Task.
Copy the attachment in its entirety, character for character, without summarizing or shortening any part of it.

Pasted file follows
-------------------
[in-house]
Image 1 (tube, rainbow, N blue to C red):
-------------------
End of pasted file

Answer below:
[in-house]
Image 1 (tube, rainbow, N blue to C red):